Musculoskeletal imaging ·       Assessment of articular cartilage health and monitoring the evolution of osteoarthritis

    ·       Evaluation of bone oedema

    ·       Detection of small metastatic lesions



    Higher spatial resolution

    Many diagnostic tasks in lung and musculoskeletal imaging require scanning large body regions and simultaneously displaying small structures. The improved spatial resolution of PCD-CT may consequently assist with diagnostic tasks in pulmonary and musculoskeletal imaging. Moreover, the inherently higher spatial resolution of PCDs than of EIDs allows for low dose musculoskeletal CT imaging. Also, the detection, delineation, and characterisation of renal stone with high-resolution PCD-CT can be advantageous. Last, but not least, spatial resolution is important when imaging small bones, specifically the temporal bone.

    Improved iodine signal

    PCD-CT enables improved iodine contrast at the same tube potential as EID CT, with the additional benefits of multi-energy display and material decomposition. PCD-CT improves iodine signal thanks to the lack of the down-weighting of low-energy photons. The image contrast optimisation attainabled with PCD-CT has multiple potential applications in the abdomen, including improved detection and characterisation of neoplasms within parenchyma, especially so-called “low contrast” lesions, for which the CT number of the target lesion is similar to the background.

    Multi-energy Imaging

    Reconstructions of multi-energy CT scans are pertinent to musculoskeletal imaging and enable visualisation of gout and virtual non-calcium imaging of bone oedema. Unlike dual-source dual-energy CT systems, PCDs do not restrict the scan field of view in multi-energy applications and extend the benefits of multi-energy CT imaging to large patients.

    Radiation dose reduction

    PCD-CT implementation is particularly useful to paediatric patients. The high spatial resolution and excellent contrast-to-noise ratio improve the visibility of anatomic structures in smaller patients together with increased dose efficiency, which facilitates a further dose reduction. Using high-resolution PCD-CT, radiation dose can be decreased by 20%–30% without sacrificing image quality. In particular, ultra-low dose chest CT is an ideal application for patients that require repeated imaging studies from a young age, e.g., individuals with cystic fibrosis.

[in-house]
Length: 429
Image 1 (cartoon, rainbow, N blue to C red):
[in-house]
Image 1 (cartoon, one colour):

Artefact reduction

    The reduction of common image artefacts, including but not limited to streaks, beam hardening, metal, and calcium blooming can be obtained with PCD-CT.

    New contrast media

    The implementation of PCD-CT is creating new opportunities for the development of novel contrast media to be used alone or in combination with the existing media. The new contrast media will have improved spectral differentiation in X-ray attenuation allowing for more flexibility in imaging protocols, lower radiation doses, and further opportunities for material decomposition.


    The limitations of PCD-CT include limited availability, high cost, and challenges in handling high photon flux and spectral distortions. Moreover, more real-world evidence is needed to understand fully the benefits of the PCD-CT technology.


    • Esquivel A, et al. Photon-Counting Detector CT: Key Points Radiologists Should Know. Korean J Radiol. 2022 Sep;23(9):854-865. doi: 10.3348/kjr.2022.0377.
    • Jost G, et al. New Contrast Media for K-Edge Imaging with Photon-Counting Detector CT. Invest Radiol. 2023 Jul 1;58(7):515-522. doi: 10.1097/RLI.0000000000000978.